Life at the Launch

How to kill your dreams with belief

“It’s far too dangerous downriver,” he yelled. “You best drop anchor here.”

“How is it too dangerous?” I asked.

“All the locals know it,” he said (with obvious delight that he had caught my attention) I heard about the dangers and dropped anchor here years ago and never regretted it. The fishing is always good, it’s the catching that’s a little slow,” he mumbled, hehe. “But the folks are nice,” he assured me. The mans boat was backed into a tiny calm, facing the river like it was going somewhere, but moss and algae covered the hull and the anchor rope was colored darkrotten brine, growing its own ecosystem below the waterline—she was sparkling clean up top, though.

“Come here young man, we need to talk before you go any further.” He was facing the sun and squinting, using his hand for a visor. “We need to talk, or you?” I thought, but my politeness won me over as always. So I listened to the man and started to doubt my advance.

“People are holding here because the river ends up yonder. It gets rocky and the shallow rapids are just too dangerous—then the waterfall”, he warned. “How far down?” I asked. “Well, it’s certainly too much for you to portage, especially traveling alone, but it’s best to just play it safe,” he said confidently. “A few I know of never made it back.”

So I ask, “have you seen them?” “Huh, who?” he questioned. “The rapids, mister, you know these rapids?”

“I’ve been down that way but it was just too desolate, like the silent feeling of lonely dread. I came back here when the water got quick, but I still get a heart bump whenever I recall it.”

His tone was urgent and very convincing, pointing here and there over to others, over-explaining every detail genuinely. Mostly everybody it seemed had settled within view of the launch. It was bustling with business, trading, fishing, kids swimming in some designated areas. It was all fairly quaint, but missing something I couldn’t put my mind on at the time. But eventually I learned to live with an artful regret as well.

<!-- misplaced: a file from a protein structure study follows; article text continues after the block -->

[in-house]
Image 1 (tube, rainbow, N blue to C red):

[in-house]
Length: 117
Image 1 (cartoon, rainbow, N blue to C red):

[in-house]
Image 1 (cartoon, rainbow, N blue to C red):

I came here with the high hopes of a grand adventure, but this seemed like a safer bet for the short time. Then came a woman, the kids, I got a pretty good job and started helping others that passed this way avoid the rocks and the dangers downriver.

My wing-suit finally got lost in a box somewhere, and now I’ve outgrown it anyway. I’m far too old and responsible to just cut the rope and drift away. Maybe tomorrow, but the thought is always there, tucked away in my dreams.

Oh man what we give up to guarantee ourselves a little more time on this rock. But, the end comes regardless. Live baby, live

Author: jim-

One minute info blogs breaking the faith trap.

29 thoughts on “Life at the Launch”

    1. Very well sir. I agree. Even if there is a spirit world and we came here to be tested and gain experience, how few ever leave the confines of their anchoring bias.

      Liked by 1 person

      1. It’s an age-old problem. Thoreau’s “Walden” (one of my faves) explores the perils of living a life of complacency and resignation.

        Unfortunately, there is no universal rule book on how to live your life. Each of us must figure it out for ourselves, because what works for others may not work for us.

        Liked by 1 person

  1. whatever the present moment offers, that is the path. that is your face. adventure or no adventure, makes no impact on the real You. you’re merely the witness to the show.

    sending you a link to Suzanne Segal’s experiences of Self. it’ll give you a vision into what that means. she had a sudden awakening (with no spiritual preparation) while waiting in a bus stop. if we could we all be so lucky!